[OPINION] Campaign 2016 Has Helped Define What Respect Means to Me

When anyone demands respect as some sort of prerequisite for civility or tolerance, that’s a red flag.


I had a lunch with a friend today, and inevitably the conversation turned to tomorrow’s election.

My friend is gay and happily married since 2014. His husband is a career Navy man. My friend is former Army, and they both enjoy the many Federal protections that come with their service. They are hoping to start a family with the adoption of a baby in the near future.

He is under no illusions about what a Trump presidency could mean to his marriage, his military benefits and his entire life. Like all LGBTQ citizens, he’s frightened for his future. So much so, that he has completely cutoff communications with his parents and other friends who are voting for Trump.

There’s been a lot of that going around lately. I call it The Great Unfriending of 2016. Myself, I have finally come around to my lunch companion’s view that disavowing friends and family who support Trump is a not an arbitrary or defensive reaction. It is a political statement and a personal necessity. A vote for that man is a vote against my rights, my community, and me.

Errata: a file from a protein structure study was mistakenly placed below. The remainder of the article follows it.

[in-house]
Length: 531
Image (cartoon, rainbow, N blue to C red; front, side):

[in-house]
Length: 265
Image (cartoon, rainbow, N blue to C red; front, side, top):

It took me a while to come around to that conclusion. I’m a nice guy with an open mind. I’ve always been willing to entertain opposing opinions when they are offered with thought and without malice.

I have attempted to hold many calm, logical, fact-based conversations with Trump supporters this year. Inevitably, they end up in an argument for Trump’s hate-driven, misogynistic lie-based platform until finally I hear the last-resort manipulative mantra of the ignorant: “You need to respect my opinion.”

When anyone demands respect as some sort of prerequisite for civility or tolerance, that’s a red flag. It’s often an indicator that the user is insecure in their position. But to me, as a lover of language, it’s also an abuse of concept.

It may be that this is just a question of semantics, that folks are using the wrong word to mean the right thing. By definition, respect is a feeling of deep admiration for someone or something elicited by their abilities, qualities, or achievements.

By casting your vote for Trump, you are enabling a man who is a danger to me. How can I admire anyone that stands for that? How can I not view your support of that as anything other than an assault on my way of life? So, no, I have no respect for that.

I’m not saying it’s not important to treat others well. Maybe there’s a different word that’s more appropriate, one that communicates more accurately what we are after.

I propose we bring back courtesy. Courtesy refers to treating other civilly and in a manner one would like to receive in return, the demonstration of politeness in one’s attitude and behavior toward others.

That’s what we’ve lost this election season, the ability to treat each other politely. That I can get behind. I can be polite until the cows come home (or in this case, the Donkeys). As Blanche Devereaux would say, to do otherwise would be un-Southern.

The granting of respect is my choice and not owed to anyone. If you’re casting your vote for Donald Trump tomorrow, you don’t get that.